Seven out of 10 burglars released from prison in 2009 have committed another offence — mainly public order, burglary, or theft — within three years. This compares to six out of 10 of burglars released in 2008.
Central Statistics Office figures show that recorded reoffending rates for all offences are higher among those released from prison, compared to those who served their sentence in the community.
The figures show the post-release period is critical, with two thirds of those released from prison reoffending within the first six months, including almost nine out of 10 offenders aged under 21.
Almost a quarter of those finishing their community sentence reoffended within the first six months.
The CSO recorded recidivism (reoffending) figures show:
- 47.5% of offenders released from prison in 2009 reoffended within three years — compared to 51% of such offenders released in 2008 (prison recidivism);
- 37% of offenders who completed their community sentence in 2009 reoffended within three years — compared to 41% of such offenders in 2008 (probation recidivism).
“I welcome the fact that recidivism levels for both those who were released from prison in 2009 and those who were supervised by the Probation Service have fallen by 3.5% and 3.7% respectively,” said Justice Minister Frances Fitzgerald.
Prison recidivism was highest in the younger age categories, including 55% of young males.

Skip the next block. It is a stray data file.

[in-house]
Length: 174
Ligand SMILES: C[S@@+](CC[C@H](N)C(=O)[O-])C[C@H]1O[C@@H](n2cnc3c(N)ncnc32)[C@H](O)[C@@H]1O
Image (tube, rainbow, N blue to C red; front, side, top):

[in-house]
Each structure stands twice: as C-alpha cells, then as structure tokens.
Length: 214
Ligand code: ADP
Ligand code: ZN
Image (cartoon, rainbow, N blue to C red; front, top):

The offences showing the highest rates of reoffending were among those convicted of burglary (70%), followed by robbery (66%), theft (66%), and weapons (64%).
These show a massive rise in cases of robbery (up from 45%), burglary (60%), and weapons (51%).
Burglary is also the highest reoffending category within probation recidivism, although it increased only marginally (from 49% to 49.4%).
Commenting on the burglary figures, Ms Fitzgerald said she was determined to keep burglars off the streets and improve the safety of communities. She cited legislation she recently published on the sentencing and bail provisions for multiple burglary offenders.
The probation recidivism report shows that reoffending rates were by far the highest in the under-18 age category, at 62%, including 65% among males (up from 60% in 2008).
Fíona Ní Chinnéide, deputy executive director of the Irish Penal Reform Trust, said the rise in reoffending by those imprisoned for burglary showed prison wasn’t working.
“Government should invest in restorative justice strategies, which are proven to be particularly effective in reducing burglary reoffending, instead of pursuing knee-jerk proposals for longer prison sentences,” said Ms Ní Chinnéide.
She said the persistently high levels of reoffending by young people highlighted the need for tailored strategies for that group.
Overall, she said: “For too long, Ireland has been over-reliant on prison as a response to all categories of crime. These figures show that alternative punishments, such as community service and probation orders, are effective.”
Meanwhile, Fianna Fáil has that said it would increase the size of the Garda Síochána to 14,000 members. The current strength is 12,800.
Justice spokesman Niall Collins accused the Government of “starving” gardaí of resources and ignoring the “crime crisis” in Dublin.
“We have heard a lot in recent times about rural crime and a lot of focus about that, but the ball is being missed about the crime crisis in Dublin,” said Mr Collins.
He said burglary in Dublin was up 15%, rape and sexual assault is up 16%, and public order offences up 8%.